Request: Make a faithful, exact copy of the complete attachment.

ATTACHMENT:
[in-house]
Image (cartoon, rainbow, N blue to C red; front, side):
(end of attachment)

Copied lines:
[in-house]
Image (cartoon, rainbow, N blue to C red; front, side):